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Low-Profile Coin Cells for Low-Power Wireless Designs

By Jon Gabay

Contributed By Electronic Products


A benefit of higher frequency RF is that components get smaller. Smaller components mean less material, so components can be less expensive as well. With smaller, lower-cost electronics, more gadgets take advantage of the new wireless possibilities that open up. Take Bluetooth® headsets as a case in point. Imagine trying this with a CB antenna strapped to your head. It is not feasible at CB bands, but very doable at 2.4 GHz.

When designs get very small, the battery can be the largest component – and obstacle – in your assembly. Microelectronic processors, sensors, buttons, and touch zones keep getting smaller, but the energy density physics we have available do not seem capable of shrinking appreciably without reducing capacity.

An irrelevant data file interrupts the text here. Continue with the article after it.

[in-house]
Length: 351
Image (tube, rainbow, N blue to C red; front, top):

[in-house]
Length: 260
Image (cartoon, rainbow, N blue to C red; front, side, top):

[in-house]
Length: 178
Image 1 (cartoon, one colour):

Energy harvesting shows some promise, as does solid-state and supercapacitor-based energy storage systems. To date, however, batteries are the most widely deployed energy storage devices with proven reliability and track records. Coupled with power management systems and algorithms, designers are doing more with less power than ever before.

New battery technologies, features, and sizes are keeping pace with the increased demand for higher energy density, as well as small size. This article looks at small, low-power wireless designs and the low-profile coin cells and holder assemblies engineers have at their disposal. All parts, datasheets, tutorials, and development kits mentioned are available online at Digi-Key’s website.

Getting the best fit